reducing waste and making use of recycled materials is no longer the preserve the minority. In fact, the uk’s biggest construction project is leading the way, says david higgins, chief executive of the Olympic delivery authority

Reducing waste and ensuring we re-use materials during construction are at the forefront of the Olympic Delivery Authority’s (ODA) sustainable development strategy. And as the following 23 pages show, we are not the only organisation that is taking waste minimisation seriously.

The key to our approach is avoiding the production of waste in the first place but also ensuring that we consider any material created through the demolition, remediation and construction work as a resource which can be recycled or re-used elsewhere.

One of the keys to achieving this is early planning and good design. For example, the Olympic Park site has been designed to reduce the need for bringing in new materials to build the landforms within the park. We are currently moving soil which is not needed at the international broadcast centre/main press centre site to the Aquatics Centre site to help raise the ground level there.

Our designers will also be looking at the existing buildings and infrastructure in the area to identify which materials they can reuse in the design of the new park and venues.

The development will see large volumes of material generated through the demolition of the existing buildings in the area and we set ourselves the target of reusing or recycling 90% of this demolition material.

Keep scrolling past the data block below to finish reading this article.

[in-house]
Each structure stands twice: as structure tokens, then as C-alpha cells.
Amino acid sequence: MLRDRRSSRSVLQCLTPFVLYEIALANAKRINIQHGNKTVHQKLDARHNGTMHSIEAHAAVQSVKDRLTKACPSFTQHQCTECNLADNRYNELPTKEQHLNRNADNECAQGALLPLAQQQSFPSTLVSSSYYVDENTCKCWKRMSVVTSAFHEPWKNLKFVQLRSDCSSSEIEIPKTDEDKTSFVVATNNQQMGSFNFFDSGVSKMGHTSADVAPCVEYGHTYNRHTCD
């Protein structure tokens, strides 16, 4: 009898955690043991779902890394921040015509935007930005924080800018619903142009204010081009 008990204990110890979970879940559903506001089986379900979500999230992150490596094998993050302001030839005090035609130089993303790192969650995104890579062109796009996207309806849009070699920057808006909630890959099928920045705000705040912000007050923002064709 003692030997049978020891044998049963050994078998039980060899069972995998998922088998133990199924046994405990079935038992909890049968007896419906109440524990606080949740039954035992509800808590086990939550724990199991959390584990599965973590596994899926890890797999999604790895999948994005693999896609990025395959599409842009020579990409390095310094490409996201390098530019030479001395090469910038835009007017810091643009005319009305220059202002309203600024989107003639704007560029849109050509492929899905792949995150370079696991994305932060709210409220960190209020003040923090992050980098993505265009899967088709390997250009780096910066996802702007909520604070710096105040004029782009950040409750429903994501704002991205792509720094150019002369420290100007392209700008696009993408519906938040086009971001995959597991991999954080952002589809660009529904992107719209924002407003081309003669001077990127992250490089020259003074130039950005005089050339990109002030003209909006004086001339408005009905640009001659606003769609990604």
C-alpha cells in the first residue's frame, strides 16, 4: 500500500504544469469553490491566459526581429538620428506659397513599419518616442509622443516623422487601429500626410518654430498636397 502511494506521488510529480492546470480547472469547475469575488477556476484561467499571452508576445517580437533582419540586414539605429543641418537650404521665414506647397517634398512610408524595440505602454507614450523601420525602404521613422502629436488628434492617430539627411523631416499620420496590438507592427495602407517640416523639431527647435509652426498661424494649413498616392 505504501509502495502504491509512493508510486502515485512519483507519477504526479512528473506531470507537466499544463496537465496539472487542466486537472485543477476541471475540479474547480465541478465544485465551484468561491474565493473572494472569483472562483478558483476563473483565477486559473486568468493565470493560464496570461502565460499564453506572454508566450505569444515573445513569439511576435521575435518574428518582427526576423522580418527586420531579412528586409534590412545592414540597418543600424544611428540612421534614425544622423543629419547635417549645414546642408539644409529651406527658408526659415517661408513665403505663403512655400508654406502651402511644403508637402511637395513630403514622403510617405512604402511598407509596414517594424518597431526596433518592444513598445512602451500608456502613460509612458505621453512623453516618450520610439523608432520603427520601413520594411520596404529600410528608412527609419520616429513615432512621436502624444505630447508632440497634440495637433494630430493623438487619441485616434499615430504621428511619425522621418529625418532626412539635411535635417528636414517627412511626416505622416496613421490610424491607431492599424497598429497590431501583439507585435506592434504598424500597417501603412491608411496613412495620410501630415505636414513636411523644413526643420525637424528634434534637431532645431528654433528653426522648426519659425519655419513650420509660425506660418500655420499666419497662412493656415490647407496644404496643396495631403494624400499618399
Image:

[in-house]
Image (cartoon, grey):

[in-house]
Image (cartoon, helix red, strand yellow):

To date, we have not only met that target but have beaten it. Over 95% of the 10,827 tonnes of demolition materials created so far has been recycled or reused. This includes timber recycled for chipboard, metals reused as scrap and plasterboard turned into gypsum powder, as well as reclaiming over 70 tonnes of quality York stone walling which will feature in the finished park and timber from felled trees will be used in newly created log walls.

The work we are doing on waste reduction is just one element of our comprehensive strategy and our hope is that we can demonstrate how a project of this size and scale can set new standards for sustainability and present a step change for construction, development and regeneration.

This is an ambitious target when you consider that this is a construction project twice the size of Heathrow Terminal 5 (see pages 8-11) to be delivered in half the time. Making 2012 the greenest games in modern times and the Olympic Park an exemplar development is, and will continue to be, a huge challenge. One that can only be achieved with the help and support of the industry.